Also on Monday, a British fighter jet crashed injuring its two pilots. A day earlier, in an unrelated incident, a British soldier was killed in a bomb attack, bringing to 17 the number of British troops killed in July.
The death toll is likely to increase political debate in London over the UK's role in the conflict.
Jaap de Hoop Scheffer, the outgoing Nato chief, who is in London for talks with Gordon Brown, Britain's prime minister, called the recent deaths in Afghanistan "tragic" and said it was right that there was debate.
But he warned: "If we were to walk away, Afghanistan would fall to the Taliban, with devastating effect for the people there - women in particular.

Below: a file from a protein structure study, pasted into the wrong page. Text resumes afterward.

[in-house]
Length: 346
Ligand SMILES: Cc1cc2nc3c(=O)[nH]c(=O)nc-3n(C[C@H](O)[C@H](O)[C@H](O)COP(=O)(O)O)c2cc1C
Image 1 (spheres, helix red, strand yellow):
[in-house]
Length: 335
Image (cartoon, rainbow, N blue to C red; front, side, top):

"Pakistan would suffer the consequences, with all that that implies for international security. Central Asia would see extremism spread. Al-Qaeda would have a free run again and their terrorist ambitions are global."
Separately, the US has suggested it could overhaul its Bagram prison in Afghanistan in a bid to stem alleged abuses there.
Marine Major General Douglas Stone, credited with revamping US detention practices in Iraq, was assigned to assess all detainee issues in Afghanistan, and his recommendations are now being reviewed by Admiral Michael Mullen,, the top US military officer, and Robert Gates, the US defence secretary.
Lieutenant Colonel Alayne Conway, a spokeswoman for the joint chiefs of staff, said no hard dates had been set for completion of the review.